A messy Brexit may agitate an already shaky housing market


The United Kingdom’s stunning June 2016 vote to leave the European Union sent average mortgage rates in the U.S. tumbling 60 to 80 basis points (literally) overnight, as investors fled to the safety of the 10-year Treasury note that’s the benchmark for mortgage interest rates.

U.K. and EU officials wrapped up negotiations on the terms for post-Brexit relations on Nov. 25, but that process was thrown into turmoil this week when U.K. Prime Minister Theresa May canceled a key Parliamentary vote to ratify the treaty — prompting her own party to call for a vote of no confidence. May ultimately prevailed in the challenge to her leadership, but the future of the Brexit deal remains uncertain.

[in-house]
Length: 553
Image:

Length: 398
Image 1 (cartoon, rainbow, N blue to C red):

With the March 29, 2019 Brexit deadline looming, it’s unclear whether an agreement can be reached to avoid the more onerous conditions of EU treaties no longer applying to the U.K. and no framework to guide the Brexit transition.

Whatever the resolution to the Brexit ordeal, there will again be repercussions for the U.S. housing market. And with concerns already high in the mortgage and real estate industries about rising interest rates, inventory shortages and the threat of a housing bubble, the uncertainty overseas isn’t guaranteed to deliver another Brexit bump for mortgages and real estate.

Here’s a look at some potential scenarios for the mortgage and housing market depending on how Brexit plays out.

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